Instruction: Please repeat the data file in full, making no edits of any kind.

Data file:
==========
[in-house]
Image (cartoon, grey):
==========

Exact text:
[in-house]
Image (cartoon, grey):